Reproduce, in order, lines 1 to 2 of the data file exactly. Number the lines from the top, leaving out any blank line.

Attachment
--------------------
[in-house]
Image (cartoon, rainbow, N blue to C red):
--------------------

[in-house]
Image (cartoon, rainbow, N blue to C red):